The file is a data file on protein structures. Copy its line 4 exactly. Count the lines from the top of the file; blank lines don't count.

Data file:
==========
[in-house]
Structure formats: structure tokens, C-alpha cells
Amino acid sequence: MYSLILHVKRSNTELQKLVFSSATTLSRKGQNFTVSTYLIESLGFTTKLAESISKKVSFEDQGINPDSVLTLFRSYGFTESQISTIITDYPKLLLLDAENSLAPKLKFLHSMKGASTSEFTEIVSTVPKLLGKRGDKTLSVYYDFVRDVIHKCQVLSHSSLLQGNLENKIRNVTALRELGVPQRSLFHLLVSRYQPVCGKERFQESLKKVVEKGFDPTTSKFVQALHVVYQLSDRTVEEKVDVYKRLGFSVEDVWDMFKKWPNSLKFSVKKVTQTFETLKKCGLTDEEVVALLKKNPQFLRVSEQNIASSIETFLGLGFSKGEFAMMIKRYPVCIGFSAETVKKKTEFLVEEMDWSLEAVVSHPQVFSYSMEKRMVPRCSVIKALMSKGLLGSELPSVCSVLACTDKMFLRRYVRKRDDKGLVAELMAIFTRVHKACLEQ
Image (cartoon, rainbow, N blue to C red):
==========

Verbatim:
Image (cartoon, rainbow, N blue to C red):